Bear Sighting – DeSoto County

Bear Sighting – DeSoto County

Sometimes a photographer just has to get lucky…

I was down in the Coldwater River Bottoms near Highway 305 shooting photos of wildlife this morning. For those who may not know, when I am not working on a new novel, I try to get out and take wildlife photos. (Okay: Truth in advertising–or I am not doing whatever the wife needs to have done first.) Today, however, I was free. Problem was, things were pretty slow this morning with only a few shots, of some birds and deer.

This is the one of the deer—a doe and two yearlings—not a great shot, but what the heck. Every shot can’t be a classic.

Junco in The Snow

I also got these birds, a junco in the snow, and a thrush looking pitifully about for some sunshine.

It had grown cloudy again.

Thrush: “Is it spring yet?”

 

 

 

 

 

 

 

Sparrow

This sparrow shot was one of many, but I did get a pretty decent photo of a bluebird in a cedar tree. I may actually post this one on my photography website.

Bluebird in Cedar

The swamps and canals remain frozen, so there were no ducks, waterfowl, beavers and such anywhere around. I gave up a little before noon and headed back to the pickup.

It was nothing to write home about, but I’m not complaining. It was a pretty good morning spent ghosting around in the river bottoms in search of critters. Little did I know I was about to be the most famous bear photographer in DeSoto County. Yup, I always did want to be famous–have groupies and order my olives stuffed with jalapenos instead of pimento.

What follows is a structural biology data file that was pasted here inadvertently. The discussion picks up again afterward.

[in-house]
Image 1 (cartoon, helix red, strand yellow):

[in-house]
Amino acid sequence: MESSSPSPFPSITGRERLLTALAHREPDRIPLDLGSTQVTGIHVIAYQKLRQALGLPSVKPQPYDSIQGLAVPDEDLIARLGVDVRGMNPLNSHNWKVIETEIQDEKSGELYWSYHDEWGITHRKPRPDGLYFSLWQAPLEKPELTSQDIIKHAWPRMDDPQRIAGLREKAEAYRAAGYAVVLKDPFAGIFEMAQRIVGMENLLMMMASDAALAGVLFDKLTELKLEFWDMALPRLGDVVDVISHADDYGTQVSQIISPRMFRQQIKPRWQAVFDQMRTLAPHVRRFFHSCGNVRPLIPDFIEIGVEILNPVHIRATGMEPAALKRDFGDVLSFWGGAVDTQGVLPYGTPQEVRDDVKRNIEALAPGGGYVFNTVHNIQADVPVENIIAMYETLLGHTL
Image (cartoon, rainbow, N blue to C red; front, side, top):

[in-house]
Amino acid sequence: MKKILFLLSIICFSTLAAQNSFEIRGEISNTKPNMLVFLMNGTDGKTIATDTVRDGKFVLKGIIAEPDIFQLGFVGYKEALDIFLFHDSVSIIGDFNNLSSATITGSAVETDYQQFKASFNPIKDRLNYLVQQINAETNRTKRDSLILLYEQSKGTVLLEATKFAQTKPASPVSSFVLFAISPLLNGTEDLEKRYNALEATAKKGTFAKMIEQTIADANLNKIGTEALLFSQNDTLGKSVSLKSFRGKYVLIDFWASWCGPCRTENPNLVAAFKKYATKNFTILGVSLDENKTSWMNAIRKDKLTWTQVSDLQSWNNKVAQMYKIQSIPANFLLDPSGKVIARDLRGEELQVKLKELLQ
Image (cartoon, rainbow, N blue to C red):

I cranked the old pickup truck and eased up the dirt road toward the blacktop. Thankfully it was still frozen, and I had no problems getting out of the bottoms.

As I was coming up Adair Lane toward the highway I was having visions of hot coffee with eggs, bacon, and grits, when I glanced to my left and there he was—a bear.

I could “bearly” believe my eyes. (Sorry, couldn’t resist that one.) Having often heard folks tell of sightings that include cougars, Big Foot and other such “rarities” while almost never producing photographic evidence, I was determined to get something that proved I had seen this critter. Stopping my pickup, I grabbed my camera. Luckily it was on the seat beside me with the telephoto lens still attached.

The bear seemed to be resting against a tree and mesmerized by the warming temperatures. And in case you thought me foolhardy, rest easy. I didn’t dare get out of my truck, but rolled down the window, and got my photo. The animal seemed content and never moved. He was still there when I drove away. By the way, this one did not at all resemble our native black bears, not even the Ole Miss variety, so perhaps someone with a little more knowledge of wildlife can tell us exactly what kind of bear it is. The photo is below.

Incidentally: With the good lord above watching my every move, I give my word, this is exactly how I found him, and the photo was in no way staged. I checked with some of the locals down there, and they too have seen him previously. After seeing my photo, the Mississippi Department of Wildlife, Fisheries and Parks has declared no interest in this bear sighting–typical government coverup.